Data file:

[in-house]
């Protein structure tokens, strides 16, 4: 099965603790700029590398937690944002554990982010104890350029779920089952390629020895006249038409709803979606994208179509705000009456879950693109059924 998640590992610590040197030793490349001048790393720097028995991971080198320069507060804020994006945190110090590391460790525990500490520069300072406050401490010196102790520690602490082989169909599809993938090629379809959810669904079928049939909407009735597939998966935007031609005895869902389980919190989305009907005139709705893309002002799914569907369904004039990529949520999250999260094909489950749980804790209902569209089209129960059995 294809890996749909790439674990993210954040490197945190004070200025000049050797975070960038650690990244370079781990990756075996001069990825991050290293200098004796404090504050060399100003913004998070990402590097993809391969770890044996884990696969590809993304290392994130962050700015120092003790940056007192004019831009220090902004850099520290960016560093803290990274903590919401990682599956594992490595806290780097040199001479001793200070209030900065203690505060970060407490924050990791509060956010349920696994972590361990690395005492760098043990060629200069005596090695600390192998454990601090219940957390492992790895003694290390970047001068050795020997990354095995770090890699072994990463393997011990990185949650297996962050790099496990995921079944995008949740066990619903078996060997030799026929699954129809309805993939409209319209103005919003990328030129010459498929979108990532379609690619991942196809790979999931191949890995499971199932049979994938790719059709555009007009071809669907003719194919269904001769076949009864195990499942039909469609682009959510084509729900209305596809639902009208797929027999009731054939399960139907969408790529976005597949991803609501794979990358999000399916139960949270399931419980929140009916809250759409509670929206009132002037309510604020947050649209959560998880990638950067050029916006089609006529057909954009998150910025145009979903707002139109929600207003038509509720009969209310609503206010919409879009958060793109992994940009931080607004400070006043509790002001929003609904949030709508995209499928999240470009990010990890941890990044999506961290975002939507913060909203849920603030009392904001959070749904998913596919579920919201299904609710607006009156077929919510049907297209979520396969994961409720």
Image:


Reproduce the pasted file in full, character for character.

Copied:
[in-house]
């Protein structure tokens, strides 16, 4: 099965603790700029590398937690944002554990982010104890350029779920089952390629020895006249038409709803979606994208179509705000009456879950693109059924 998640590992610590040197030793490349001048790393720097028995991971080198320069507060804020994006945190110090590391460790525990500490520069300072406050401490010196102790520690602490082989169909599809993938090629379809959810669904079928049939909407009735597939998966935007031609005895869902389980919190989305009907005139709705893309002002799914569907369904004039990529949520999250999260094909489950749980804790209902569209089209129960059995 294809890996749909790439674990993210954040490197945190004070200025000049050797975070960038650690990244370079781990990756075996001069990825991050290293200098004796404090504050060399100003913004998070990402590097993809391969770890044996884990696969590809993304290392994130962050700015120092003790940056007192004019831009220090902004850099520290960016560093803290990274903590919401990682599956594992490595806290780097040199001479001793200070209030900065203690505060970060407490924050990791509060956010349920696994972590361990690395005492760098043990060629200069005596090695600390192998454990601090219940957390492992790895003694290390970047001068050795020997990354095995770090890699072994990463393997011990990185949650297996962050790099496990995921079944995008949740066990619903078996060997030799026929699954129809309805993939409209319209103005919003990328030129010459498929979108990532379609690619991942196809790979999931191949890995499971199932049979994938790719059709555009007009071809669907003719194919269904001769076949009864195990499942039909469609682009959510084509729900209305596809639902009208797929027999009731054939399960139907969408790529976005597949991803609501794979990358999000399916139960949270399931419980929140009916809250759409509670929206009132002037309510604020947050649209959560998880990638950067050029916006089609006529057909954009998150910025145009979903707002139109929600207003038509509720009969209310609503206010919409879009958060793109992994940009931080607004400070006043509790002001929003609904949030709508995209499928999240470009990010990890941890990044999506961290975002939507913060909203849920603030009392904001959070749904998913596919579920919201299904609710607006009156077929919510049907297209979520396969994961409720």
Image: